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dc.contributor.authorBarnett, Adrian G
dc.contributor.authorMcElwee, Paul
dc.contributor.authorNathan, Andrea
dc.contributor.authorBurton, Nicola W
dc.contributor.authorTurrell, Gavin
dc.date.accessioned2020-10-26T04:03:09Z
dc.date.available2020-10-26T04:03:09Z
dc.date.issued2017
dc.identifier.issn2044-6055en_US
dc.identifier.doi10.1136/bmjopen-2017-01728en_US
dc.identifier.urihttp://hdl.handle.net/10072/398688
dc.description.abstractObjectives: To examine whether respondents to a survey of health and physical activity and potential determinants could be grouped according to the questions they missed, known as 'item missing'. Design: Observational study of longitudinal data. Setting: Residents of Brisbane, Australia. Participants: 6901 people aged 40-65 years in 2007. Materials and methods: We used a latent class model with a mixture of multinomial distributions and chose the number of classes using the Bayesian information criterion. We used logistic regression to examine if participants' characteristics were associated with their modal latent class. We used logistic regression to examine whether the amount of item missing in a survey predicted wave missing in the following survey. Results: Four per cent of participants missed almost one-fifth of the questions, and this group missed more questions in the middle of the survey. Eighty-three per cent of participants completed almost every question, but had a relatively high missing probability for a question on sleep time, a question which had an inconsistent presentation compared with the rest of the survey. Participants who completed almost every question were generally younger and more educated. Participants who completed more questions were less likely to miss the next longitudinal wave. Conclusions: Examining patterns in item missing data has improved our understanding of how missing data were generated and has informed future survey design to help reduce missing data.en_US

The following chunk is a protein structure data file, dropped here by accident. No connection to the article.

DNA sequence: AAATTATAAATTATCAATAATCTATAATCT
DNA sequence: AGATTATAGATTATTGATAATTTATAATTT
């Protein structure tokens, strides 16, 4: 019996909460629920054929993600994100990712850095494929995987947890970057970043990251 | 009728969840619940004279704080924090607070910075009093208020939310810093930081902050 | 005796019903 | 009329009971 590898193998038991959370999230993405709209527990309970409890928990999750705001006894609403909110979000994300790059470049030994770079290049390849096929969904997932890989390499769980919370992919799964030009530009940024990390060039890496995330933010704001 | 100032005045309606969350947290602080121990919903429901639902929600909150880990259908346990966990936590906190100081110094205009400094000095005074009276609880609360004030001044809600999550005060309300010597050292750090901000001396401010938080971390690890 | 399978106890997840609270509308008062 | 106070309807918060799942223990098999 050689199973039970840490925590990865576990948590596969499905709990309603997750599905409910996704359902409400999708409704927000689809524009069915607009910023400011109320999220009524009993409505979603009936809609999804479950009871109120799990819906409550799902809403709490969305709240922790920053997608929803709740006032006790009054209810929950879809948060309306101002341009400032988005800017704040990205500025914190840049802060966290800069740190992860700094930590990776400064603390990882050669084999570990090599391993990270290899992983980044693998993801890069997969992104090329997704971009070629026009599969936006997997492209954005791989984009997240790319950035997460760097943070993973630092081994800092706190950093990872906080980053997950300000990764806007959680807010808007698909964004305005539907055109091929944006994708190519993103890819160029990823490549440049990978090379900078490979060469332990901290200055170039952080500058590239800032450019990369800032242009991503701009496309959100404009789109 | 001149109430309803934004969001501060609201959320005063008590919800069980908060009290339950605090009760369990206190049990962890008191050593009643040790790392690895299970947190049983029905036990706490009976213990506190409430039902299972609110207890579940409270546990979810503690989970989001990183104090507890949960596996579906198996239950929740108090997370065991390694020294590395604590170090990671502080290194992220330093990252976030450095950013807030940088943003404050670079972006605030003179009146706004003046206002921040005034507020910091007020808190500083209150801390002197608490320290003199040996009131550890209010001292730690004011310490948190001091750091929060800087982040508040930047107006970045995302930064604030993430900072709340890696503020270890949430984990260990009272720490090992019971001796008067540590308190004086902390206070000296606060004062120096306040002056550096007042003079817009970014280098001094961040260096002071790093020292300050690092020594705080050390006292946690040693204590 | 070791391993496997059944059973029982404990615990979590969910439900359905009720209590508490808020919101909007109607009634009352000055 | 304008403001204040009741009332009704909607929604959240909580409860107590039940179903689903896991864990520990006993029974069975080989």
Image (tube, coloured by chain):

dc.description.peerreviewedYesen_US
dc.languageEnglishen_US
dc.language.isoeng
dc.publisherBMJ Publishing Groupen_US
dc.publisher.placeUnited Kingdom
dc.relation.ispartofpagefrom1en_US
dc.relation.ispartofpageto9en_US
dc.relation.ispartofissue10en_US
dc.relation.ispartofjournalBMJ Openen_US
dc.relation.ispartofvolume7en_US
dc.subject.fieldofresearchPublic Health and Health Services not elsewhere classifieden_US
dc.subject.fieldofresearchClinical Sciencesen_US
dc.subject.fieldofresearchPublic Health and Health Servicesen_US
dc.subject.fieldofresearchOther Medical and Health Sciencesen_US
dc.subject.fieldofresearchcode111799en_US
dc.subject.fieldofresearchcode1103en_US
dc.subject.fieldofresearchcode1117en_US
dc.subject.fieldofresearchcode1199en_US
dc.subject.keywordsScience & Technologyen_US
dc.subject.keywordsLife Sciences & Biomedicineen_US
dc.subject.keywordsMedicine, General & Internalen_US
dc.subject.keywordsGeneral & Internal Medicineen_US
dc.subject.keywordsMULTIPLE IMPUTATIONen_US
dc.titleIdentifying patterns of item missing survey data using latent groups: an observational studyen_US
dc.typeJournal articleen_US
dc.type.descriptionC1 - Articlesen_US
dcterms.bibliographicCitationBarnett, AG; McElwee, P; Nathan, A; Burton, NW; Turrell, G, Identifying patterns of item missing survey data using latent groups: an observational study, BMJ Open, 2017, 7 (10), pp. 1-9en_US
dcterms.licensehttp://creativecommons.org/licenses/by-nc/4.0/en_US
dc.date.updated2020-10-25T23:59:39Z
dc.description.versionVersion of Record (VoR)en_US
gro.rights.copyright© The Author(s) 2017. This is an Open Access article distributed in accordance with the Creative Commons Attribution Non Commercial (CC BY-NC 4.0) license, which permits others to distribute, remix, adapt, build upon this work non-commercially, and license their derivative works on different terms, provided the original work is properly cited and the use is non-commercial.en_US
gro.hasfulltextFull Text
gro.griffith.authorBurton, Nicola W.


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